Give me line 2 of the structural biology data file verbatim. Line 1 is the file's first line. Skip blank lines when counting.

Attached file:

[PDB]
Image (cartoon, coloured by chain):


Image (cartoon, coloured by chain):